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Three months ago, media companies warned investors that the TV scatter market was slowing down.
And they thought it was bad then.
This quarter, the scatter market—i.e., all the ads on linear TV that advertisers don’t commit to buying during upfronts negotiations—has slowed considerably from a quarter ago, according to Standard Media Index.
- In the third quarter, scatter spend on traditional TV was down 38% year over year, according to SMI.
- That’s compared to last quarter, when scatter was down 17% YoY.
The pullback is causing additional strain on the TV advertising business, executives have told investors.
“The reality is that the scatter market has been pretty dry right now,” Jean-Briac Perrette, Warner Bros. Discovery’s president and CEO of global streaming and games, said this month. “It’s not a very constructive environment right now, as you have heard from a number of other players, peers, and across the broader advertising market.”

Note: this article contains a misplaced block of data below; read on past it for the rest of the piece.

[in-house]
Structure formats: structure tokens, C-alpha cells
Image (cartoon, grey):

Not uniform: Pullback appears to be uneven. Fox Corp. “observed some softness” in the linear entertainment scatter marketplace, CEO Lachlan Murdoch told investors, but was seeing “healthy scatter demand” in news and sports, CFO Steve Tomsic said. At Paramount, the scatter market is softer in digital than in traditional TV, CEO Bob Bakish said.
Brace yourself: And as macroeconomic uncertainties and inflation concerns weigh on the industry, there’s no way to know when it’ll let up. “We expect these conditions to be temporary,” Roku CFO Steve Louden told investors, “but it is difficult to predict when they will stabilize or rebound.”—KS